Difficulty hearing in noisy places could be fault of brain not ears
20 November 2019
Difficulty hearing in noisy pubs or cafes could be related to the brain’s ability to separate sounds, which can be picked up in a newly-designed test created by UCL researchers.
The new study, published in Scientific Reports, designed by researchers from UCL’s Wellcome Centre for Human Neuroimaging (WCHN), goes beyond standard hearing exams which only examine the function of the cochlea. Instead it focuses on brain processes for grouping sounds, which could better identify hearing issues in noisy places that are missed by existing tests.
Lead author Dr Emma Holmes (WCHN and UCL Queen Square Institute of Neurology) explains that the new test goes beyond existing speech-in-noise tests as it is independent of linguistic ability. It could therefore help young children or people who are not native speakers of the language where they reside.
“The test could also help to assess how well people will do with a new hearing aid or cochlear implant once they have become accustomed to it,” said Dr Holmes.
“It’s difficult to test speech perception immediately after someone gets a cochlear implant, because it takes a while for people to adjust. Therefore, if we test speech perception immediately after implantation, it may be a poor predictor of how well someone will be able to hear in realistic settings after adapting to their implant. These non-linguistic tests may be better predictors,” she explains.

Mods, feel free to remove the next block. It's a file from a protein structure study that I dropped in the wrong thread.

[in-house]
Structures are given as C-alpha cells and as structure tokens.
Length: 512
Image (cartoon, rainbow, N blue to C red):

“Difficulty hearing in noisy environments is common but might occur for different reasons. Some people’s brains may be less adept at grouping different sound sources and tracking them separately while slight differences in general hearing thresholds, even within the healthy, normal range, might also contribute.”
Senior author Professor Tim Griffiths, a Wellcome Senior Clinical Fellow, Professor of Cognitive Neurology at Newcastle University, and Honorary at WCHN, added: “There is a strong link between hearing loss and dementia. This will give us a new tool that might be a stronger predictor than simple hearing tests because it measures a type of hearing that requires a brain mechanism well beyond initial sound processing in the ear."
The researchers are now trialling the test in people with new cochlear implants.
- Read the full paper
- UCL Wellcome Centre for Human Neuroimaging
- UCL Queen Square Institute of Neurology
- Dr Emma Holmes
- Professor Tim Griffiths